Saturday, April 9, 2022

Maxine Kumin and Two Sides of a Coin—National Poetry Month 2022


Maxine Kumin--a poet in her prime at her desk.

Maxine Kumin was born Maxine Winokur on June 6, 1925 in Philadelphia, the daughter of Jewish parents but attended a Catholic kindergarten and primary school. She received her B.A. in 1946 and her M.A. in 1948 from Radcliffe. In June 1946 she married Victor Kumin, an engineering consultant.  They had three children, two daughters and a son. In 1957, she studied poetry with John Holmes at the Boston Center for Adult Education. There she met Anne Sexton, with whom she started a friendship that continued until Sexton’s suicide in 1974.  Kumin taught English from 1958 to 1961 and 1965 to 1968 at Tufts University and from 1961 to 1963 she was a scholar at the Radcliffe Institute for Independent Study. She also held appointments as a visiting lecturer and poet in residence at many American colleges and universities.

The author of several esteemed collections of poetry, she was honored to be named Poet Laureate Consultant in Poetry to the Library of Congress in 1981–1982.  From 1976 until her death in February 2014, she and her husband lived on a farm in Warner, New Hampshire, where they bred Arabian and quarter horses.

A happy Kumin on her Warner, New Hampshire farm.

Critics have compared Kumin with Elizabeth Bishop because of her meticulous observations and with Robert Frost because she frequently devoted her attention to the rhythms of life in rural New England. She has also been grouped with confessional poets such as Anne Sexton, Sylvia Plath, and Robert Lowell. But unlike the confessionalists, Kumin eschewed high rhetoric and adopted a plain spoken style. Throughout her career, she struck a balance between her sense of life’s transience and her fascination with the dense physical presence of the world around her.

Diane Wakoski wrote in Contemporary Women Poets:

The one thing that is clear throughout [Kumin’s] substantial body of work is that she believes survival is possible, if only through the proper use of the imagination to retrieve those things which are loved well enough.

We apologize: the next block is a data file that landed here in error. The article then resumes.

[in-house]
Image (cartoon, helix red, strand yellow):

My first selection of here work may surprise some folks but delight vegans.  After all, I am a notorious omnivore who vegan friends have denounced as social justice and environmental hypocrite and an active saboteur of the planet.  I would be shunned and shamed at a California brown rice and tofu Unitarian potluck.  But my discovery of Accolade of the Animals absolutely charmed and delighted me.

Life-long vegetarian George Bernard Shaw not long before his death from injuries in a fall at age 103.

Accolade of the Animals


All those he never ate

appeared to Bernard Shaw

single file in his funeral

procession as he lay abed

with a cracked infected bone

from falling off his bicycle.


They stretched from Hampton Court

downstream to Piccadilly

against George Bernard's pillow

paying homage to the flesh

of man unfleshed by carnage.


Just shy of a hundred years

of pullets, laying hens

no longer laying, ducks, turkeys,

pigs and piglets, old milk cows,

anemic vealers, grain-fed steer,

the annual Easter lambkin,

the All Hallows’ mutton,

ring-necked pheasant, deer,

bags of hare unsnared,

rosy trout and turgid carp

tail-walking like a sketch by Tenniel.


What a cortege it was:

the smell of hay in his nose,

the pungencies of the barn,

the courtyard cobbles slicked

with wet. How we omnivores

suffer by comparison

in the jail of our desires

salivating at the smell of char

who will not live on fruits

and greens and grains alone

so long a life, so sprightly, so cocksure.


Maxine Kumin


On the other hand, Kumin was no self-righteous scold.  She even admitted to a tinge of bloodlust herself though she wryly recognized her guilt.  This one is matter of fact and rooted in commonplace real life.

                                        A woodchuck and the means of his execution. 


Gassing the woodchucks didn’t turn out right.

The knockout bomb from the Feed and Grain Exchange

was featured as merciful, quick at the bone

and the case we had against them was airtight,

both exits shoehorned shut with puddingstone,

but they had a sub-sub-basement out of range.


Next morning they turned up again, no worse

for the cyanide than we for our cigarettes

and state-store Scotch, all of us up to scratch.

They brought down the marigolds as a matter of course

and then took over the vegetable patch

nipping the broccoli shoots, beheading the carrots.


The food from our mouths, I said, righteously thrilling

to the feel of the .22, the bullets’ neat noses.

I, a lapsed pacifist fallen from grace

puffed with Darwinian pieties for killing,

now drew a bead on the little woodchuck’s face.

He died down in the everbearing roses.


Ten minutes later I dropped the mother.  She

flipflopped in the air and fell, her needle teeth

still hooked in a leaf of early Swiss chard.

Another baby next. One-two-three

the murderer inside me rose up hard,

the hawkeye killer came on stage forthwith.


There’s one chuck left. Old wily fellow, he keeps

me cocked and ready day after day after day.

All night I hunt his humped-up form.  I dream

I sight along the barrel in my sleep.

If only they’d all consented to die unseen

gassed underground the quiet Nazi way.


Maxine Kumin

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